I let Parker nurse as long as he wanted last night...and long he did.  He began on the left breast.  A calm came over him almost instantly when he latched.  He played with his hair and his eyes fluttered.  He put his left leg on my chest and shoulder and nestled in.  When he finally switched breasts, he nestled in again.  Only this time he seemed to be trying to savor the moment.  My heart melted as he reached up and guided the hand that was propping up my face to his hair.  He wanted me to play with his hair.  Then, at the same time I was playing with his hair, he reached up and pulled some of my curls so that they landed on my chest.  He began twirling my curls.  With his other hand, ge held my breast.  A little later, he reached up and grabbed my hand.  He held my hand for a long time...twirling his fingers in and out of mine.  Then, he put his fist to my mouth.  He wanted me to kiss his fingers, and his open hand, and the inside of his wrist, and the inside of his forearm, and the inside of his elbow, and eventually his cheek.  That was our thing.  He loved when I did that.  The anticipation as I kept moving towards his face always made him smile and laugh...but, he never unlatched.  I don't know how he did it...but, he always did it..he never missed a beat.  When he was finished nursing, he unlatched...something that he did sporadically.  Most times I would have to pry him off of me, even when he was in a deep sleep.  But, I think he wanted to do this his way.  He unlatched, and smiled at me.  I picked him up and laid his head on my shoulder.  I walked around the dark room with him and held him.  He held me back.  His nighttime turtle was turned on (it's a turtle that sits on the floor and the shell has little star-shaped holes on it where the light passes through and shines "stars" and a "moon" on the ceiling and walls in either blue, orange, or green.  Tonight it was green.).  He was looking at the stars and cuddling me.  Then, he reached out to touch a star on the wall.  So, we walked around the room, quietly touching the stars and smiling.  I began singing his sleep song...Silent Night.  I always have to sing all three verses and then hum through it one time before putting him down.  So, I did.  He laid his head down on my shoulder...and I heard him take that deep breath that he takes just before he falls deeply asleep.  I kissed the back of his head.  I laid him in the crib...always on his tummy and his knees.  He didn't move.  I didn't either.  I just looked at him for a little while.  I felt truly blessed.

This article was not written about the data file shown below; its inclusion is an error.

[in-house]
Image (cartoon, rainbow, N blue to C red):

It was a good ending to this chapter of our lives.  I'm not sure who to thank for this.  Parker?  Myself?  God?  All I know is that I'm thankful.  I'm thankful for being able to experience pregnancy, childbirth, taking care of a newborn, taking care of an infant, and now taking care of a toddler.  I'm thankful for being able to feel pain, sadness, love, joy, heartache, compassion, worry, fear, responsibility, and unconditional love.  It makes me human.  It makes me feel alive.  I love my family...and they remind me every day how special I am...and how lucky we all are to have each other.  Thank you, Parker, for making me a mommy...and making me love it.

Every ending symbolizes a new beginning.  I wonder what the future holds...